This is an index of the health notes included in recipes. These short tidbits of information can help answer questions on everything from Omega-3 Fats in fish to whether to cook chicken with the skin on or not. Want to know about garlic and cholesterol? Is it okay to eat eggs or not? It's all here.
There have been a lot of studies showing that eating nuts may improve cholesterol levels, but nuts have not been recommended as snacks for people with high cholesterol. This is because they have so much fat that researchers weren't sure how much might be good for you.
A study by Dr. David Jenkins and his colleagues compared whole almonds as a snack with low-saturated fat whole wheat muffins. This was included as part of a healthy diet in people with cholesterol problems. They had both a "half-dose" and "full-dose" group for each of those eating muffins and almonds. This consisted of either a little more than one and two ounces of almonds or the equivalent calories in whole wheat muffins.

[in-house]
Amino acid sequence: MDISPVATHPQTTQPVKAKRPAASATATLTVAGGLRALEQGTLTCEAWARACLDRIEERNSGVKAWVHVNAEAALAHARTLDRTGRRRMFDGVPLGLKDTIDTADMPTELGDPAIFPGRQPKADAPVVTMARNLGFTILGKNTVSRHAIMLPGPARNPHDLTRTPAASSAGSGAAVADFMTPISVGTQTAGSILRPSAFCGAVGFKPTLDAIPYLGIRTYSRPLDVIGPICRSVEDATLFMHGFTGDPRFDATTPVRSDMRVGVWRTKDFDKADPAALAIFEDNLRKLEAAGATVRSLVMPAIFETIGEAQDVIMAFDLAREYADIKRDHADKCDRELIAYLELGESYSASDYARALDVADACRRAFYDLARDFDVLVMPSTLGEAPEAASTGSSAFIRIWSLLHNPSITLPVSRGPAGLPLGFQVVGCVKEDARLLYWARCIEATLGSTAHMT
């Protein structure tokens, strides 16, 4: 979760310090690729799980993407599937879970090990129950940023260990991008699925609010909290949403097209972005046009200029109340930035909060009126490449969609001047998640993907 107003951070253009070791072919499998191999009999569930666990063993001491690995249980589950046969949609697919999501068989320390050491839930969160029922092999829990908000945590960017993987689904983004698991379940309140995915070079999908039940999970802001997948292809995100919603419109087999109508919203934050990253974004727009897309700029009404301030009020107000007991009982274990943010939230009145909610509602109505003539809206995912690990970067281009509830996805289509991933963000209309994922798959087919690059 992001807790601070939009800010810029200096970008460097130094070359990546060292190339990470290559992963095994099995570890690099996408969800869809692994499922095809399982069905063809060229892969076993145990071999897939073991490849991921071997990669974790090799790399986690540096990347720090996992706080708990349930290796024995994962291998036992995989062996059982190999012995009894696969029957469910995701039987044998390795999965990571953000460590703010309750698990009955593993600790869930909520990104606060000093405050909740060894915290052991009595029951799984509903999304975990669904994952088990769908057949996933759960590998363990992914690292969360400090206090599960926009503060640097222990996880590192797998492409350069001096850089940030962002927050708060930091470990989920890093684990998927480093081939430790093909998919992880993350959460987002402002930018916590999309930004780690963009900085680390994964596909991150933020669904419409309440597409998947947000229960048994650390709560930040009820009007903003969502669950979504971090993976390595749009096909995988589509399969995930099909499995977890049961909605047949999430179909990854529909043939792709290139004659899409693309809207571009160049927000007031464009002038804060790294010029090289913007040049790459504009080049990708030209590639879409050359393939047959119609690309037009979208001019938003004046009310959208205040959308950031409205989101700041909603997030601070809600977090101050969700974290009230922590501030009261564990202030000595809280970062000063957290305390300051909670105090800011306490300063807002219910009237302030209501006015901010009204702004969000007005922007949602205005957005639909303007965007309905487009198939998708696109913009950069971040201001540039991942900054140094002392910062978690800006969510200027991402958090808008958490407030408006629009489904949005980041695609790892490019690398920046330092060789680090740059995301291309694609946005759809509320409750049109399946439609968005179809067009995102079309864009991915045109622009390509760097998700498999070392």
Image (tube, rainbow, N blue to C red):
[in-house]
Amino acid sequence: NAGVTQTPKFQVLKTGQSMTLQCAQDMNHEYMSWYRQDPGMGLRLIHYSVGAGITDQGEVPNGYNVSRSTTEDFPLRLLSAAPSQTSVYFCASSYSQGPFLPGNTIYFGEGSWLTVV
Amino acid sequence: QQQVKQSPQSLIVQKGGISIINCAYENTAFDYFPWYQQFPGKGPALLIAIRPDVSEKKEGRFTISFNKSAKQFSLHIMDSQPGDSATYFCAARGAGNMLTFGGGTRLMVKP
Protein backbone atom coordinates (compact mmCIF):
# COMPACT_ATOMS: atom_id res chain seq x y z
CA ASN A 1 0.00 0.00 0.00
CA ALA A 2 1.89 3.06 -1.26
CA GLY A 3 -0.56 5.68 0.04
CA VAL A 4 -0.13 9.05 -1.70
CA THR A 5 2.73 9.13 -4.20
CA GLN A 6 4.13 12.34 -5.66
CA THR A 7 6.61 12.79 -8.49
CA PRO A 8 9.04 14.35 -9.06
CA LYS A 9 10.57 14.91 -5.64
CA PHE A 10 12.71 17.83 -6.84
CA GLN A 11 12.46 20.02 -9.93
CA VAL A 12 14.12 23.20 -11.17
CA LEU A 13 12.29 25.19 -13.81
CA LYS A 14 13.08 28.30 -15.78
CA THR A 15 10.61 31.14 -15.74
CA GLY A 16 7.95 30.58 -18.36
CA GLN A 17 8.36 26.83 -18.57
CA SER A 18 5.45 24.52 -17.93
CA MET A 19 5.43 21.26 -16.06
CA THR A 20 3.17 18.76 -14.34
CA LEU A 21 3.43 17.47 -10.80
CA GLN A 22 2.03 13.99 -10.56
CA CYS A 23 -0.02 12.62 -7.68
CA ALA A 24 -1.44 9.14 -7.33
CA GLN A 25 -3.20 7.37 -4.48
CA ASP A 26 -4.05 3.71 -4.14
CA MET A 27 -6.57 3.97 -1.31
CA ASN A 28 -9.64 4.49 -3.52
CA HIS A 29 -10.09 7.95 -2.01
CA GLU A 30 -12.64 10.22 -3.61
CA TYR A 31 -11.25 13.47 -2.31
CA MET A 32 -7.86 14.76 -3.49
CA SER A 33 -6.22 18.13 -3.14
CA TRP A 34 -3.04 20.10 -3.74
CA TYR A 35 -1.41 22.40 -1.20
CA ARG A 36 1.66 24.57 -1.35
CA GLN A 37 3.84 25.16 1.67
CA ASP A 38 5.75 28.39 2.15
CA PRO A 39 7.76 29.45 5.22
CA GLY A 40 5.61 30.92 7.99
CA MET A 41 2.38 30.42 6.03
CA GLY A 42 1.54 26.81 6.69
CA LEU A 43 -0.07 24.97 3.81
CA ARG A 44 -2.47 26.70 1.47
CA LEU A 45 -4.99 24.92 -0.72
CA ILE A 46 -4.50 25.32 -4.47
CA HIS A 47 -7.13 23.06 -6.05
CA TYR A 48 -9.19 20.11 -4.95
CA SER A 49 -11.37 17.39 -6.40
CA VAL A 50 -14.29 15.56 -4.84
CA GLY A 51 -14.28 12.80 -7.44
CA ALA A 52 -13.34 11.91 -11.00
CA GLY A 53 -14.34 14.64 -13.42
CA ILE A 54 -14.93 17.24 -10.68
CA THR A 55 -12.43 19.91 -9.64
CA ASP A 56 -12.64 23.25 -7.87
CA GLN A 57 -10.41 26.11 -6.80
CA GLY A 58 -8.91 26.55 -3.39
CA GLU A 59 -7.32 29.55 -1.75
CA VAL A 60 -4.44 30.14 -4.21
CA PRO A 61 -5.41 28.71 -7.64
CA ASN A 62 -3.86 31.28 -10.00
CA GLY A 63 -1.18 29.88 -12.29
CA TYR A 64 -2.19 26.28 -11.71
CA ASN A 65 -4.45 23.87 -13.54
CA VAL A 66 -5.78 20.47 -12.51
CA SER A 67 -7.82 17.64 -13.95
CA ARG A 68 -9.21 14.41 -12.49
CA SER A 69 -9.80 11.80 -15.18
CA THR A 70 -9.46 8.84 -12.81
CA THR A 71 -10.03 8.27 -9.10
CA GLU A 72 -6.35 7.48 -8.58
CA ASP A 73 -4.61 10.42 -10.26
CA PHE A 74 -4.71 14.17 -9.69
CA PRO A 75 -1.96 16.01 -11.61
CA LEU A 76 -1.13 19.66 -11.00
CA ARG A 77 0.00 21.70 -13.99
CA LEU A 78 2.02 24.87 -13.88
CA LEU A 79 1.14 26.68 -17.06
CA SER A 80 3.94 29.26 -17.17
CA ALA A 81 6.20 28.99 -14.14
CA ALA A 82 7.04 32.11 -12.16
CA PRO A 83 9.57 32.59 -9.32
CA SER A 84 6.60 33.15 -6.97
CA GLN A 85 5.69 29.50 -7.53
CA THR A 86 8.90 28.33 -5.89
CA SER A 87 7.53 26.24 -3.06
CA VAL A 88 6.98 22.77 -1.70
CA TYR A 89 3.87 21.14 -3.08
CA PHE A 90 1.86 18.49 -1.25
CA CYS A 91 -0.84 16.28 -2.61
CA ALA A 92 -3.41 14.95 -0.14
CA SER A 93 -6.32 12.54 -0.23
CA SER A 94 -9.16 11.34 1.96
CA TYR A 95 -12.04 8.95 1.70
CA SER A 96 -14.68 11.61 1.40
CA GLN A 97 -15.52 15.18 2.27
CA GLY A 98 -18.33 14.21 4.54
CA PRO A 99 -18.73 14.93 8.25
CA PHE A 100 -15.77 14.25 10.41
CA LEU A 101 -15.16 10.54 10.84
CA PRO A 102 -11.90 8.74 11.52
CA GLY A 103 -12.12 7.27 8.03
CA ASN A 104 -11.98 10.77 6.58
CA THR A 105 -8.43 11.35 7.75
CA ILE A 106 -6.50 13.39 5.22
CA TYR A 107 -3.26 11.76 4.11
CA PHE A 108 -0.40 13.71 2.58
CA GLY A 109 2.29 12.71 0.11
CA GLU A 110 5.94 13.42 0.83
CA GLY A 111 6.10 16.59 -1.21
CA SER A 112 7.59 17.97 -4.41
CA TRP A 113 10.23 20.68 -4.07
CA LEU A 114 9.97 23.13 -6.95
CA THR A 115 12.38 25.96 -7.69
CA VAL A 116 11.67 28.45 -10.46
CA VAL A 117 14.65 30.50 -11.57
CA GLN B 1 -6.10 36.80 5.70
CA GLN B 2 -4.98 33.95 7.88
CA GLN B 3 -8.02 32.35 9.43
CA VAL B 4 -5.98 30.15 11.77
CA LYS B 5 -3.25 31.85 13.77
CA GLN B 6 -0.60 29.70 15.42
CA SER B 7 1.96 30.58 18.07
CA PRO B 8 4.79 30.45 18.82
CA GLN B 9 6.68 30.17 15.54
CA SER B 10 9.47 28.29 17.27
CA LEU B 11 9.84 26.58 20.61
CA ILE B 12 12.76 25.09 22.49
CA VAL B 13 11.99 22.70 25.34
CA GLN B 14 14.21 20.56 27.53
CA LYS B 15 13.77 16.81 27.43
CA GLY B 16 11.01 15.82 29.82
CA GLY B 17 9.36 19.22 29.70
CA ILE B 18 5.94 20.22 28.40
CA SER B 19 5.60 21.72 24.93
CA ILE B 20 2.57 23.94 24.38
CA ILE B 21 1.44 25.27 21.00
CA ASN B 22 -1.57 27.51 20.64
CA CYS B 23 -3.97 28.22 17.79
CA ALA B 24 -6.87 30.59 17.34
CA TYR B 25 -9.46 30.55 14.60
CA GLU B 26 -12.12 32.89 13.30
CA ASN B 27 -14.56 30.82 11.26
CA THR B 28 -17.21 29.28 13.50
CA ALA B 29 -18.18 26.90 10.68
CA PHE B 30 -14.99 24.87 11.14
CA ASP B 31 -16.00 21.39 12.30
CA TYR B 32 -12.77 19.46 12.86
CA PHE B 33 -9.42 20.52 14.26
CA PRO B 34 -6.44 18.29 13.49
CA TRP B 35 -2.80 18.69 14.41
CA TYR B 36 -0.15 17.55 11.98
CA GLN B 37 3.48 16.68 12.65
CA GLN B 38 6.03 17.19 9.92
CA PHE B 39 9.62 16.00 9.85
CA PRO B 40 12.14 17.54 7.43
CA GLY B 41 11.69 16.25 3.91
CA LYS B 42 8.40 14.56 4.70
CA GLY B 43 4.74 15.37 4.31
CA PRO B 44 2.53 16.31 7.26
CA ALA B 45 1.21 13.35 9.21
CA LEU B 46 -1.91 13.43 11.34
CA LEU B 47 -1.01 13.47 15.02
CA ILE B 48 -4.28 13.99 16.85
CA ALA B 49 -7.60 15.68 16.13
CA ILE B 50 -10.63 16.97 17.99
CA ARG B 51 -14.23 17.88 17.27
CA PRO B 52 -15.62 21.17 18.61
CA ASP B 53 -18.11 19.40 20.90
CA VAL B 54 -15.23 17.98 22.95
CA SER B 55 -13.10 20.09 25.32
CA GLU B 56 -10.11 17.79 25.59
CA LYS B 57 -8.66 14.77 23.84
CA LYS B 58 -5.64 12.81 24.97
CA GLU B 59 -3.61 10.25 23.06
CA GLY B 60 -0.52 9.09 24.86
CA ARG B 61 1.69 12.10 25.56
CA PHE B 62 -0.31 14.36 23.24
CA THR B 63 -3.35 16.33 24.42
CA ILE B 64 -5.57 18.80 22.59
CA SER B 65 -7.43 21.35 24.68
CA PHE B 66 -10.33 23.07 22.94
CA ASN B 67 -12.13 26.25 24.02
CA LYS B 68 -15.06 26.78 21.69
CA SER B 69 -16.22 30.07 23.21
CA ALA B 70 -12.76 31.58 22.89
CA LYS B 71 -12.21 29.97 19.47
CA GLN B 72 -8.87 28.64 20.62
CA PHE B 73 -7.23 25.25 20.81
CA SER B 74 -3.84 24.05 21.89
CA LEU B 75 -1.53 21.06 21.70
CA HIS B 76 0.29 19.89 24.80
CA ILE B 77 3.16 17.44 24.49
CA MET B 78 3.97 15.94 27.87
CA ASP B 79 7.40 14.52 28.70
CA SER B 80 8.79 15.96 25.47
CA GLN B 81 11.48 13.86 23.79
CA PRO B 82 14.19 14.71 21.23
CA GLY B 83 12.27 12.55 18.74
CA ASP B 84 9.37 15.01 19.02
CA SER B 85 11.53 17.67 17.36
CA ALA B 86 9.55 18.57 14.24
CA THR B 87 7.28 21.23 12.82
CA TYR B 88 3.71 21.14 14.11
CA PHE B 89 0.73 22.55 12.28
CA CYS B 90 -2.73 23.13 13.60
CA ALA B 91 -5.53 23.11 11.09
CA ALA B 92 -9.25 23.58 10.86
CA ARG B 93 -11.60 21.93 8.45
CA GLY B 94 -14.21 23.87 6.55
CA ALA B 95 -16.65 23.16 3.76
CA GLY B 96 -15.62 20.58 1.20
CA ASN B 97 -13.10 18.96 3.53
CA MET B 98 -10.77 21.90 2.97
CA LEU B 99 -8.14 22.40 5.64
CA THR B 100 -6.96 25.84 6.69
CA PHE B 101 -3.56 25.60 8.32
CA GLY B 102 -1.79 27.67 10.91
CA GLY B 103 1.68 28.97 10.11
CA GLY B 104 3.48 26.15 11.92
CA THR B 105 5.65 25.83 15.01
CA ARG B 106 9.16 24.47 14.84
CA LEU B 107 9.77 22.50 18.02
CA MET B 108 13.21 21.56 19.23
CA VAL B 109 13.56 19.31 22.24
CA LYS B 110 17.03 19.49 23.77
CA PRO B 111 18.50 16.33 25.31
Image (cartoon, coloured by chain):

In the group eating almonds, there were significant reductions in LDL cholesterol (the bad guy) as well as improvement in other fats that have been shown to increase the risk of heart disease (including LDL:HDL ratio, lipoprotein(a) and oxidized LDL levels).
Their conclusion is that "almonds used as snacks in the diets of [people with high cholesterol] significantly reduce coronary heart disease risk factors, probably in part because of the nonfat (protein and fiber) and monounsaturated fatty acid components of the nut." That's a mouthful. Read More "The Health of It All..." Articles